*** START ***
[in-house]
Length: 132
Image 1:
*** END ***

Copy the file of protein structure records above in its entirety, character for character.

[in-house]
Length: 132
Image 1: